You’ll see this question posted on nearly every Facebook fan page known to man, “Real or fake Christmas trees? What’s your take?” or some variation thereof. This is the single most popular question I have seen this Christmas season. More than wondering if you are a last minute shopper, favorite holiday traditions or best holiday dish, the Real vs Fake debate has been raging on for weeks.
I don’t really care if you have a real tree or a fake one. My motto for just about everything in life is “to each his own.” But before you spout off that it just isn’t Christmas without a REAL tree, let me tell you a little about my family and our own budding Christmas tradition.
My mother is allergic to pine trees. All of them. This means that in my multiple decades on earth, I have never had a “real” Christmas tree. I’ll repeat that so that the words may fully sink in, I have NEVER had a real, as in live, Christmas tree. Not once in my whole life.
You may well be wondering, after having married a man who had nothing but real trees his whole life, and having not lived in my parents’ home for many years, why I have yet to have one. My husband and I have talked about it. We have discussed each year of our marriage, whether or not to go out and buy a tree. We have always decided against it.
You see, the tree that sits in our living room, the tree that we decorate each year, is a dinky, little plastic thing that has barely survived the years at our house. And it is the tree I grew up with. It is the Christmas tree that my presents sat under every year of my childhood. It is the tree that I decorated every year that I can remember. It is the only tree I have ever known. When I was a young adult, living at home, my parents purchased a newer, nicer, more realistic tree. When wondering what to do with the old one, I asked my mother to keep it. And for the few years that I lived at home after that, we had two trees, the new one, and my tree. I decorated it every year, and moved it with me when I moved in with my husband and when we got married and when we bought our first home. It has been the only tree my husband and I have ever had together and the only one I have ever shared with a significant other.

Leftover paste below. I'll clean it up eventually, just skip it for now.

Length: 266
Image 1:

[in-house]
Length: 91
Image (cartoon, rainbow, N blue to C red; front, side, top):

Each year, we pull out the same boxes that have housed the pieces of that funky, plastic tree, and add to the layers of duct tape already holding them together. We sift through the boxes to find all the pieces, we find all the bags that hold all the branches and begin the process of assembling our tree. It’s not a fancy tree that comes pre-lit; it isn’t one piece the folds neatly together for easy storage. It comes in about a million pieces, with each level of branches numbered, and a Ziplock bag of extra “spiny pieces” in case we have a hole somewhere. The plastic is shiny, as much of it was in the 70s and 80s, and our hands get sore and raw from jamming the branches into the trunk because of the “life like” ridges in each branch’s brown stem.
But it’s our tree. And each year, we look at the fancy, recycled plastic, life like, pre-lit, easy to store trees and note that they get less expensive and more budget friendly each season. But it’s our tree. And, for all its shiny, plastic surfaces and gaps where we have no extra spiny, pine tree pieces to fill, it’s the only tree I have ever known. And it’s the only tree my husband and I have ever shared. And it’s special.
Real trees may smell lovely, but I will probably never know. For I have a real tree of my own. A tree that is as real to me as any memory of Christmas morning, that has houses several tree climbing pet kitties, has been through all my first Christmas morning experiences and has even been peed on by one of our dogs. And I still wouldn’t trade it for that real tree experience. Because real trees go in the garbage after New Year’s Day, but my tree will quite possibly be with me until my dying days.
So think about the new Christmas traditions that can be started. Think of all the treasures we all hope to pass down to our children. Why can’t a family Christmas tree be one of them? It is in ours.